Chemical compounds specially designed to neutralize proteins that would otherwise allow tumor cells to cheat death have been recognized for some time by scientists as a promising new avenue for cancer therapy. Now, two studies in the November 16, 2007 issue of the journal Cell, a publication of Cell Press, provide insight into just how these antagonists of the anti-death--so-called Inhibitor-of-Apoptosis (IAP)--proteins work to fight tumors.
The researchers reveal that the compounds hit specific IAP proteins known as cIAPs. That came as a surprise, they said, because the chemicals had originally been designed to target another of the anti-death proteins. The studies further show that the small molecule inhibitors not only block the death-defying proteins, but they also actively engage other players that lead to the death of tumor cells. Meanwhile, the chemicals seem to have little effect on healthy cells.
"There has been an effort for several years to look for IAP antagonists, which seem to be very good in causing cell death in cancer," said Domagoj Vucic of Genentech, Inc. in South San Francisco, who led one of the two studies. "It was thought they might be used in combination with other drugs. But now, we show that these chemicals are capable of inducing apoptosis all on their own."
"It appears that when you remove cIAP1 in sensitive cancer cells, it opens the tap and everything just goes [toward cell death]," added John Silke of La Trobe University in Australia, who led the other study. "cIAP1 seems to be critical in deciding the life-or-death balance."
Apoptosis or programmed cell death is a cell suicide mechanism with a major role in development and homeostasis in all animals, Vucic explained. It is now accepted that apoptosis is also an extremely important defense against tumors, Silke added.
Scientists initially discovered the IAP proteins capable of blocking cell death in, of all things, a caterpillar virus, Silke said. The IAP proteins were later found in other organisms, from flies to mammals. The proteins were also shown to rise in human cancer, making them attractive targets for the development of novel cancer therapeutics. Scientists have therefore sought to design molecules that could antagonize IAPs, taking the lead from natural IAP antagonists.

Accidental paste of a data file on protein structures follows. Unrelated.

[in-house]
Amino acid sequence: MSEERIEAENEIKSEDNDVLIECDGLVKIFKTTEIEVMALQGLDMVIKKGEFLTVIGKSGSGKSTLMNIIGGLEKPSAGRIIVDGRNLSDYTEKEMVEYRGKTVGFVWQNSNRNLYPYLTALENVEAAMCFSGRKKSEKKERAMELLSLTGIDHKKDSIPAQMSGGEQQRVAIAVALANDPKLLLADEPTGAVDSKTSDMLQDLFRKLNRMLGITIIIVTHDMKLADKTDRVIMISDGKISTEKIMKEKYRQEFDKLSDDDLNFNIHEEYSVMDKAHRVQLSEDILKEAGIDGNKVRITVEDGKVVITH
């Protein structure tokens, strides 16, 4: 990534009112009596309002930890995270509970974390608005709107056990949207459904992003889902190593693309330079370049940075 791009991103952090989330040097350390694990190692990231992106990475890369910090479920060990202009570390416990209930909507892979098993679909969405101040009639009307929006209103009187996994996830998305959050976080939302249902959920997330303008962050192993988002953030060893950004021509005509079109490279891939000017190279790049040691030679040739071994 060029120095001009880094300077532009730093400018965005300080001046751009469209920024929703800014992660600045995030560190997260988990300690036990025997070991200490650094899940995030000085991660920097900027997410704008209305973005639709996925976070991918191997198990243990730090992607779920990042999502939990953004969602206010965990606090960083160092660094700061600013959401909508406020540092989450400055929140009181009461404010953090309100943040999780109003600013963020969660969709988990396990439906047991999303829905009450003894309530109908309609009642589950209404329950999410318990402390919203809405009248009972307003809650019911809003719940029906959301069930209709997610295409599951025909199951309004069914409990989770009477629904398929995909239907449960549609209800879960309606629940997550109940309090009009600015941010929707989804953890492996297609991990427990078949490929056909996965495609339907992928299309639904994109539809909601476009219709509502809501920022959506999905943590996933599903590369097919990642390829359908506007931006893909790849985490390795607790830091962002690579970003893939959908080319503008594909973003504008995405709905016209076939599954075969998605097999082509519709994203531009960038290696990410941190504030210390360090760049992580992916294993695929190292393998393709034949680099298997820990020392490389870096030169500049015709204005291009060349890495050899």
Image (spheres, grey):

Vucic's group now shows that an IAP antagonist leads cIAPs to be marked for degradation by cellular components known as proteosomes. "This is an amazingly rapid occurrence, happening within two minutes in cells in culture after exposure to the compound," said Vishva Dixit, who is also from Genentech.
They found that treatment with the IAP antagonist led to the activation of a "NF-"B pathway" that produces another protein, called tumor necrosis factor (TNFa). "TNFa comes back and binds its receptor, triggering unimpeded apoptosis and killing cancer cells," Vucic said.
Likewise, Silke's team showed that "synthetic and naturally occurring IAP antagonists kill susceptible tumor cells through their action on cIAP1, resulting in NF-"B activation, which drives TNFa production and initiates tumor cell death." Silke noted that the congruence between the findings of the two studies is a "really good sign."
"These studies show the potential for these drugs, although there is a long road to go," Silke added. "It also demonstrates an important principle: If you can understand how something works through basic scientific discoveries, then you can really start to make targeted tumor therapies. We can begin to understand how tumors live and how to make them die."
Vucic said that a phase I clinical trial designed to test the safety of one of their IAP antagonist compounds in human patients is already underway.
The researchers include Eugene Varfolomeev, John W. Blankenship, Sarah M. Wayson, Anna V. Fedorova, Nobuhiko Kayagaki, Parie Garg, Kerry Zobel, Jasmin N. Dynek, Linda O. Elliott, Heidi J.A. Wallweber, John A. Flygare, Wayne J. Fairbrother, Kurt Deshayes, Vishva M. Dixit, and Domagoj Vucic, of Genentech, Inc., South San Francisco, CA, USA.